What is brand architecture and do I need to think about it?

This week, on two separate occasions, I’ve held workshops with clients to discuss and define their brand architecture. One client has two distinctive sides of the business (B2B and B2C) and the other has multiple, quite different service offerings, sold under one brand. 

So, what is brand architecture? What are the different types? Why is it important and do I need to think about it for my small business? Read on to find out…

What is brand architecture?

Your brand architecture is how you structure your portfolio of brands, sub-brands, products, or services. If you have multiple brands and/or products or services, you need to consider what is the most effective way to structure them for your business, and how you then go on to communicate that to your customer, to maximise the benefits of that structure.

It helps your customers to understand your full range. It gives structure to your business by organising everything under one brand. That one brand, often being referred to as the master brand, parent brand or umbrella company. These terms may sound straight out of a big corporate company playbook but if you have more than one product, more than one service or more than one brand you need to think about your brand architecture, regardless of the size of your business.

Why is brand architecture important?

  • Clarity – Brand architecture helps people to understand your business in the way that you want them to.

  • Increased revenue – A well-constructed framework of brands will allow them to feed off each other with effective cross selling and up selling.

  • Increased brand awareness – Each brand in your structure can positively promote the others, increasing your overall brand awareness.

  • Manage risk – If you want to diversify and try something different putting it under a different brand name protects your core offering from any risk associated with trying something new.

Or in the words of Aristotle

“The whole is greater than the sum of its parts”

Types of brand architecture?

There are three different types of brand architecture structures, a business can follow:

A Branded House:

Where you have one clear master brand with different products or services under it, that all feature the master brand name.

An example of this is Apple. Apple is the master brand and under the master brand follows the Apple Watch, Apple iPhone, Apple iMac and so on.

Advantages of this structure are that all the brands are working together to boost the overall value, equity and awareness of the master brand. It is easy for people to understand and recognise each product as being part of the same company.

It is also a very cost-effective way to manage a brand as you only have one brand strategy and design to work to.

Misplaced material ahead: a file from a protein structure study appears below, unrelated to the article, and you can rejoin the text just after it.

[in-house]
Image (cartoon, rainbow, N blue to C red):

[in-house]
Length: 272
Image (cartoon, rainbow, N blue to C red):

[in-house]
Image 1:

There are some down sides to this structure. This model is very inflexible as you have to stick to the master brand guidelines consistently. There is also the risk to the whole portfolio, if one brand or product receives any negative press, feedback or reviews it can impact the whole business reputation not just that one brand or product are

House of brands:

This is where the master brand is different in name, style and design to all other brands within its portfolio. In this instance the master brand is only really needed for administrative

and investment purposes. Good examples of companies using the house of brands structure are P&G, Unilever and Johnson’s.

A house of brands structure is great if you need flexibility and have diversity between the products and brands that you have.

This means you can appeal to each specific audience, offer different pricing structures, and take risks in certain areas without having an overall impact on the brand awareness or reputation of the master brand, and it could be confusing for customers.


A Hybrid brand structure is a mixture of a house of brands and a branded house. Where the master brand is used as both the overall company name but also features as a sub-brand. Coca-Cola, Microsoft and Amazon all use this structure successfully. Companies who have a hybrid structure tend to end up this way due to mergers and acquisitions rather than having specifically planned it this way and it can be quite confusing for customers.

I see many small business owners who have grown their business over the last few years by expanding their service or product offerings, who can often find themselves in a confusing hybrid scenario. Now, that’s not to say the hybrid model is not right for you, but make sure it is a conscious decision for your business and you’re reaping the rewards of a business with a well thought through brand architecture.

Your brand architecture should help you to:

  • Reduce your marketing costs

  • Clarify market positioning and messaging

  • Increase customer awareness

  • Target the needs of specific audiences

  • Build and protect brand equity

If your brand architecture is hindering and not helping you to grow, or meet your business objectives, and you need help defining the best structure for your business, then get in touch today.

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